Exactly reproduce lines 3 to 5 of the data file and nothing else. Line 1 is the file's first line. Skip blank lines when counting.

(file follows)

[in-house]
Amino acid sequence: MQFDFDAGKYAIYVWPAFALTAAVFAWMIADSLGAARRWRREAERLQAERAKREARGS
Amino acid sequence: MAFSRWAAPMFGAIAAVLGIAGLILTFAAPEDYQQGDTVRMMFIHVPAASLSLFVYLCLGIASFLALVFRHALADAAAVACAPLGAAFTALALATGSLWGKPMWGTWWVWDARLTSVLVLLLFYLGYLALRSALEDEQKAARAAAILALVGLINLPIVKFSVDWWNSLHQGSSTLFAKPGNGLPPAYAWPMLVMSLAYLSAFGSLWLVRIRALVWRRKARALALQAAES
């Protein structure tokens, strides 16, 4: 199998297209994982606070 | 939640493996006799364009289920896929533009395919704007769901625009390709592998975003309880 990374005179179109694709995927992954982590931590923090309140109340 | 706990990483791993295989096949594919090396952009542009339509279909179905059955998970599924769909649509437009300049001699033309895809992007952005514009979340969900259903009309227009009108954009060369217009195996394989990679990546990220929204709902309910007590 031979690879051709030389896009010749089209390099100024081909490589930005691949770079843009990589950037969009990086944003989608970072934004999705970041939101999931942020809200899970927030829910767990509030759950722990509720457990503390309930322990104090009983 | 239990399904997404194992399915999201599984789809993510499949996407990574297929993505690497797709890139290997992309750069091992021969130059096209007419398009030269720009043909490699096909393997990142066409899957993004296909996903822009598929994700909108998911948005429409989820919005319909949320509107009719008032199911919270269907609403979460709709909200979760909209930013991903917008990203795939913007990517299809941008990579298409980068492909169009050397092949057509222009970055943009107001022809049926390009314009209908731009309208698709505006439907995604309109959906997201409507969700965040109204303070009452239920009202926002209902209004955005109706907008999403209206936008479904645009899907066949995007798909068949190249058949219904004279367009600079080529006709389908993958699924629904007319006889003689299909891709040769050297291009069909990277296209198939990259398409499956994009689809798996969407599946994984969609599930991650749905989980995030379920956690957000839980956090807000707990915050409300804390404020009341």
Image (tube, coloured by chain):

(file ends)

Amino acid sequence: MAFSRWAAPMFGAIAAVLGIAGLILTFAAPEDYQQGDTVRMMFIHVPAASLSLFVYLCLGIASFLALVFRHALADAAAVACAPLGAAFTALALATGSLWGKPMWGTWWVWDARLTSVLVLLLFYLGYLALRSALEDEQKAARAAAILALVGLINLPIVKFSVDWWNSLHQGSSTLFAKPGNGLPPAYAWPMLVMSLAYLSAFGSLWLVRIRALVWRRKARALALQAAES
């Protein structure tokens, strides 16, 4: 199998297209994982606070 | 939640493996006799364009289920896929533009395919704007769901625009390709592998975003309880 990374005179179109694709995927992954982590931590923090309140109340 | 706990990483791993295989096949594919090396952009542009339509279909179905059955998970599924769909649509437009300049001699033309895809992007952005514009979340969900259903009309227009009108954009060369217009195996394989990679990546990220929204709902309910007590 031979690879051709030389896009010749089209390099100024081909490589930005691949770079843009990589950037969009990086944003989608970072934004999705970041939101999931942020809200899970927030829910767990509030759950722990509720457990503390309930322990104090009983 | 239990399904997404194992399915999201599984789809993510499949996407990574297929993505690497797709890139290997992309750069091992021969130059096209007419398009030269720009043909490699096909393997990142066409899957993004296909996903822009598929994700909108998911948005429409989820919005319909949320509107009719008032199911919270269907609403979460709709909200979760909209930013991903917008990203795939913007990517299809941008990579298409980068492909169009050397092949057509222009970055943009107001022809049926390009314009209908731009309208698709505006439907995604309109959906997201409507969700965040109204303070009452239920009202926002209902209004955005109706907008999403209206936008479904645009899907066949995007798909068949190249058949219904004279367009600079080529006709389908993958699924629904007319006889003689299909891709040769050297291009069909990277296209198939990259398409499956994009689809798996969407599946994984969609599930991650749905989980995030379920956690957000839980956090807000707990915050409300804390404020009341």
Image (tube, coloured by chain):